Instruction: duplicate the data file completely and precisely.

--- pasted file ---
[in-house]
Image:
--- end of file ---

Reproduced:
[in-house]
Image: